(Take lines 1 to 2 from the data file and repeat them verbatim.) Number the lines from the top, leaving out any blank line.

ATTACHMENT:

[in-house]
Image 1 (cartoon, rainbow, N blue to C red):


[in-house]
Image 1 (cartoon, rainbow, N blue to C red):